Path Toward Professional Licensing Eased for Veterans
The Patrick administration announced this week that 31 state boards have adopted new procedures to enable military members to transfer their skills to the civilian world.
As a follow-up to the act passed last year calling for state agencies that oversee professional licensing to establish guidelines to assist members of the armed forces, veterans and their spouses find jobs in Massachusetts, the Patrick administration announced this week that such guidelines are in now place.
"This component of the (Veterans' Access, Livelihood, Opportunity and Resources) Act was inspired by a request from First Lady Michelle Obama and the Joining Forces Initiative to ensure that those who have served in the military have a streamlined and efficient process through which to obtain appropriate licensure for jobs when they are home," administration officials said in a press release.
Each of the state's 31 boards that oversee professional licensing will now:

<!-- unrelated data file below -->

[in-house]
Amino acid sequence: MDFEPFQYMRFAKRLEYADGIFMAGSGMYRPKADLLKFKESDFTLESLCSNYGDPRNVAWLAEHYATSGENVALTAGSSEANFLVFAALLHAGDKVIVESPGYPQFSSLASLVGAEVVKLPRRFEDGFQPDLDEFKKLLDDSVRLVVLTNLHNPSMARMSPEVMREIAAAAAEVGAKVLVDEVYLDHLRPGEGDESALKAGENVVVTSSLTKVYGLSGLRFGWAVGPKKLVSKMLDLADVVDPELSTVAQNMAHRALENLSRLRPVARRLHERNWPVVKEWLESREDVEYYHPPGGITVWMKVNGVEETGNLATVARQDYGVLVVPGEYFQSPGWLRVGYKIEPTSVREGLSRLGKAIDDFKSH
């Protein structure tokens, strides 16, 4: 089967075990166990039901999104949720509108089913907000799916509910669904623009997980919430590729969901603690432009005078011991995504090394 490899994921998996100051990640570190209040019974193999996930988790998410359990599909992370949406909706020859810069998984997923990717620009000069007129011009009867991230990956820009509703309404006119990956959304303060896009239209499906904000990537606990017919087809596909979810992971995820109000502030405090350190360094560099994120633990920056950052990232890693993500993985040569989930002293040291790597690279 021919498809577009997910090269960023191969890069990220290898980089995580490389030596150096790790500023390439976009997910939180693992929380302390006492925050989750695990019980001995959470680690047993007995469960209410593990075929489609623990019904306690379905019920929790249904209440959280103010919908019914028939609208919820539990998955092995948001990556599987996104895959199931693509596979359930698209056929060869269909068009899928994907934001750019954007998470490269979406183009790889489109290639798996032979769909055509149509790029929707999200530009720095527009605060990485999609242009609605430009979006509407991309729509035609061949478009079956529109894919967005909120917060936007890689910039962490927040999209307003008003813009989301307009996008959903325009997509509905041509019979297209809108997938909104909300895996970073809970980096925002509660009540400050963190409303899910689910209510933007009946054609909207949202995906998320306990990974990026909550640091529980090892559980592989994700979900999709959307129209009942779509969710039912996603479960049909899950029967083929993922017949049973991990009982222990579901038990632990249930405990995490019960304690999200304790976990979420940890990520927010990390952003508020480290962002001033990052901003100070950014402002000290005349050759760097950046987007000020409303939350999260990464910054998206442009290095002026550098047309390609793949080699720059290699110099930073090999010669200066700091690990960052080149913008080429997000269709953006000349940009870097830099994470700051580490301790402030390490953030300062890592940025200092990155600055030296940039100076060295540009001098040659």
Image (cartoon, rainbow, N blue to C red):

- Accept relevant education, training and service completed by a license applicant as a member of the armed forces or the military reserves toward the qualifications required for licensure;
- Allow for the trade or professional license of a member of the armed forces who is on active duty to remain valid until he or she is released from active duty, and for 90 days thereafter; and
- Expedite the licensure process for military spouses who are licensed in other states and have left employment there to accompany a spouse relocated to the Commonwealth due to a military transfer.
Some professions that have already adopted the streamlined licensing for military members, or are in the process of adopting them include paramedics, emergency medical technicians, nurses, commercial drivers, engineers, public safety professionals, pipefitters, and more. See the full list, and more information on the licensing programs at massvetsadvisor.org.
"This type of collaboration recognizes their military training, experience and professionalism as they transition to the civilian work force. This initiative supports all service members transitioning from active duty, and National Guard and Reserve personnel who are unemployed within our communities," Brigadier General Marianne Watson, the National Guard Bureau's director of personnel, said in a press release.
Gov. Deval Patrick also this month signed an executive order to help small businesses owned by disabled veterans increase access to contracts for public projects in the areas of construction, design and goods and services procurement.